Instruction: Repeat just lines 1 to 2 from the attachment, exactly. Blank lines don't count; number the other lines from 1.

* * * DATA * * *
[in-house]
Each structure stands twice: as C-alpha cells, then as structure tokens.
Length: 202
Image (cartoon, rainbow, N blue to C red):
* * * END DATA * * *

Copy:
[in-house]
Each structure stands twice: as C-alpha cells, then as structure tokens.